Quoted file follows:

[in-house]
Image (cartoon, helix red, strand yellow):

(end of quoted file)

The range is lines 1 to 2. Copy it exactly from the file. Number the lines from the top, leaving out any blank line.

[in-house]
Image (cartoon, helix red, strand yellow):